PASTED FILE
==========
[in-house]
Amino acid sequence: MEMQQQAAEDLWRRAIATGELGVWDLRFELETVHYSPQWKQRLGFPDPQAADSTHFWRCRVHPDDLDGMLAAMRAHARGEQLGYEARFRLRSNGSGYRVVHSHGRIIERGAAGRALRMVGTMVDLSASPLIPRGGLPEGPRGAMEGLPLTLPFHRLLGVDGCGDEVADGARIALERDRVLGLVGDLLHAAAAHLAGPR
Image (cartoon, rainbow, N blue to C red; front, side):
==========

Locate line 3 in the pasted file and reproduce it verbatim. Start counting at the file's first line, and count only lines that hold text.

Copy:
Image (cartoon, rainbow, N blue to C red; front, side):